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Direct Link To This Post Posted: November 17 2008 at 21:52
Originally posted by febus febus wrote:

Originally posted by cacho cacho wrote:

Originally posted by TGM: Orb TGM: Orb wrote:

OK... new stuff arriving now, so my reviewing's been understandably mauled, still I'll throw in a few thoughts

Album - (artist, if I don't think it's obvious) starsish, favourite track. Very provisional, since I haven't had a lot of time to listen to all of these yet


In Rock - Deep Purple, 4/5, not sure, liked Child In Time and Living Wreck especially



Living Wreck and Child in Time!Clap Hard Lovin' ManDead

My faves are Flight of the Rat and Living Wreck.

 
Living Wreck and Child in Time!Clap ClapClapHard Lovin' ManClap ClapClap

My faves are Flight of the Rat ClapClapClapand Living Wreck.ClapClapClap
 
BloodsuckerClapClapClap   into the fireClapClapClap          Speed KingClapClapClap    
 
add  Black NightClapClapClap     LOLWink
 
Deep Purple in RockStarStarStarStarStar             the first hard rock/ metal ever made and still the best for me
 
It was at the time and remains one of the great rock albums.  Unfortunately tends to get bypassed because of the later success of Machine Head and Made in Japan. 
 
Some time ago I bought the anniversary edition, which has a bunch of outtakes, remixes, etc. that are totally unnecessary (though it's nice to have Black Night).  Those original seven songs are complete within themselves, and totally redefined hard rock.
 
 
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Direct Link To This Post Posted: November 20 2008 at 07:46
Looong. But controversial.

The Quiet Zone/The Pleasure Dome, Van Der Graaf, 1977

    Bizarre doesn't even begin to describe this album. A blend of progressive punk and almost pastoral music with a mean violin, vocal stylings that baffle even the Peter Hammill initiated, quirky, though generally brilliant, lyrics... the list goes on, and the bizarre melding of standard musical elements and a freakishly experimental mindset works overtime. Really, there is no way to describe this album effectively, it'll probably take a while to catch on as a whole, and any preconceptions you have about Van Der Graaf Generator probably do not apply to this album. Consequently, it's a bizarrely essential album: I really enjoy it, I appreciate there are a lot of people (particularly the pretty vocals crowd) who probably won't get it (not a bad thing, just different tastes), and I think it was really pushing the barriers in a way that the other classic prog bands had  rather given up on by 1977. Graham Smith and Nick Potter give the album a great deal of attack, Hammill's experiments with all sorts of vocal ideas have jumped off into the deep end in a way that you'll either love or hate, Guy Evans is solid as ever, and the pianos and guitars are used with a lot more confidence and detail than most previous Van Der Graaf Generator efforts. I think it's a masterpiece, sure some others take the opposite opinion.
    Lizard Play exhibits the rather Van Der Graaf Generatorish (well, in this case, Van Der Graafish) of having some sort of anti-catch value. On the first listen, it made virtually no impact on me, either lyrically or musically, but now, I can call it nothing less than amazing. The first Meurglys III notes lead us into a little, slightly jazzy intro a bit reminiscent of When She Comes, before Hammill's light-hearted, very cleverly harmonised vocals come in, using a full range of high wispy overdubs to counterbalance low, gritty multiple vocals. Evans is fantastic, of course, providing all sorts of rolls in addition to some absolutely beyond-belief unusual hollow and tingly percussion inclusions. Hammill's lyrics are metaphorical, assertive and extremely potent once you actually see the whole picture, and allow for a couple of clever spins which you somehow never quite expect even when you know they're coming up. Potter's thorough, thick basslines provide the real backbone for the piece,  as well as a sort of bestial feel to the piece. The Graham Smith violin is characteristically unusual, and includes a couple of rather neat subtleties that provide a little more weight to the acoustic. A song full of weirdness, shamanic rhythms, a general refusal to accept the standard terms of what rock is, and a touch of whimsicality that works really well for Van Der Graaf.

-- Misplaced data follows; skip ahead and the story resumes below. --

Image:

The Habit Of The Broken heart is another somewhat eclectic song, moving from a fairly basic acoustic riff to a subtle bitter bit of reflection to a full on burst of rock to a small vocal coda. The lyrics are a touch less sharp than I'd expect from Hammill, though they still contain a couple of great lines, and a basic message, which is more than a lot of bands manage to do. The lyrical vulnerability of the song relative to the rest of the album is more than outweighed by the superb musical content and the rather odd mood in Hammill's vocal. Guy Evans and Nic Potter provide a weird bass-driven riff for a fair amount of the piece. The dashes of organ fit in quite nicely, as does the lush background viola. A lot of the punk ethos thumping in again, along with a few elements of dissonance and the rather curtailed melodies than characterise much of World Record. The conclusion is nicely done. Not an absolutely perfect piece, but a lot of redeeming features, and a particularly top notch performance from Evans.
    Siren Song features the album's finest lyrics, and some of the finest lyrics in rock, and the closest thing to a conventionally pretty vocal on there. The piano is absolutely lovely, and supplemented by a tragic violin, Guy Evans' very emotional and delicate percussion and the unusual Potter distorted bass sound. The mood changes of the song are distinctive, involving and feature a rather more upbeat, folk-inspired violin part, as well as an example of just how mobile Van Der Graaf Generator can make a song. Nic Potter never did a weirder bass part than that in the middle of this song, and it pays off fantastically. Anyway, the best way to describe this one is with a bit of a lyrics quote. It has reduced me to tears on occasion, and not many pieces can do that.